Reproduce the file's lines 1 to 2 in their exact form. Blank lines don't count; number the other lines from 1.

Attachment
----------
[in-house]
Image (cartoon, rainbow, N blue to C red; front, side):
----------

[in-house]
Image (cartoon, rainbow, N blue to C red; front, side):